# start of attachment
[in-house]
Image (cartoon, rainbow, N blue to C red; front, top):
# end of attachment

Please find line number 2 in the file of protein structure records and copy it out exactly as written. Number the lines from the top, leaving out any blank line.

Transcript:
Image (cartoon, rainbow, N blue to C red; front, top):